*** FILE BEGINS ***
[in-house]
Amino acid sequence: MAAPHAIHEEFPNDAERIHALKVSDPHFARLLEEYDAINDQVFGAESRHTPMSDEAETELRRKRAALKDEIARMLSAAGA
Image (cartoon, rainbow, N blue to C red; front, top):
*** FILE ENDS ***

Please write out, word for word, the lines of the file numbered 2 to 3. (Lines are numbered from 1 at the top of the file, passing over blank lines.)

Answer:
Amino acid sequence: MAAPHAIHEEFPNDAERIHALKVSDPHFARLLEEYDAINDQVFGAESRHTPMSDEAETELRRKRAALKDEIARMLSAAGA
Image (cartoon, rainbow, N blue to C red; front, top):